IBM's new health-focused venture, Watson Health, opened its headquarters in Cambridge, Massachusetts last week, amid the same kind of flurry of announcements and partnerships that marked its launch last April. A partnership with Teva Pharmaceuticals was one of the biggest headlines, but the company is also working with ICON, Boston Children's and Columbia Medical, and announced it just received a grant to team up with Medtronic and launch a digital health incubator in Israel.
Not everyone is bullish about IBM's move into healthcare, though. Naveen Rao and Brian Murphy, both analysts at Chilmark Research, attended IBM's launch event and questioned some of the omissions. Rao and Murphy wondered whether IBM has sufficient understanding of the healthcare space to effectively innovate in it, and whether the computing giant has an overarching strategy for healthcare.
"IBM has ambitions in a dozen or more different corners of healthcare, but has not connected the dots," they wrote. "During a panel session for example, Medtronic spoke about sending diabetics device data into Watson, and then CVS Health spoke about sending the encounter data from consumers with diabetes into Watson. Are these the same patients? Are there correlations? Who will benefit from or act on those insights – patients, care managers, primary care physicians? How, where, when will this all take place?"
They also called into question a few omissions from the overall conversation: no talk about patient-centeredness, no discussion of payers, and no opportunity for audience questions. Check out their full write-up here, and read on for a breakdown of all the recent IBM health news.
- MedCity News picked up a report from the Israeli Ministry of Economy that IBM, as part of a group called Health O2 that also includes Medtronic, has received a grant of between $500,000 and $800,000 to launch an incubator in Haifa, Israel, to help Israeli startups develop digital health products that will be competitive in the US market.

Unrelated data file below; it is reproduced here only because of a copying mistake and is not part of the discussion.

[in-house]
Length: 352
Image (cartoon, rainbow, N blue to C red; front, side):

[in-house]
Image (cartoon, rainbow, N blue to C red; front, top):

- Last week, IBM announced a partnership with Teva Pharmaceuticals, also an Israeli company. IBM wrote in a statement: "Teva will work with IBM on long-range platform and solutions development, with experts collaborating to enhance IBM Watson Health Cloud capabilities and explore synergies with existing Watson Health ecosystem partners. The company, which has one of the world’s largest portfolios of medicines, expects to develop solutions designed to collect and analyze real world evidence, draw powerful insights and inform a variety of initiatives such as reducing drug misuse or increasing prescribed medication adherence."
- The company announced two new products: The IBM Watson Health Cloud for Life Sciences Compliance and the IBM Watson Care Manager. The former will help biomedical companies deal with workflow problems bringing new technology to market, while the latter will integrate capabilities from Watson Health, Apple HealthKit, and Apple ResearchKit to help providers manage population health.
- IBM announced additional partnerships with Boston Children's Hospital, the Columbia University Medical Center, ICON, and Sage Bionetworks. Sage is notable as the developer of several of the premiere ResearchKit apps, and it will use Watson to aggregate and analyze some of that study data. Boston Children's and IBM will "will integrate Watson’s deep and iterative question and answer capability to enhance and scale the OPENPediatrics initiative", and Columbia will work with IBM on personalized genomics for cancer treatment. Clinical trial company ICON will use Watson to help recruit patients for ongoing breast, lung, colon and rectal cancer trials.